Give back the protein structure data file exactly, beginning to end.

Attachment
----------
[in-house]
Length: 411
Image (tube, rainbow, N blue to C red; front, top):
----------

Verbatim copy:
[in-house]
Length: 411
Image (tube, rainbow, N blue to C red; front, top):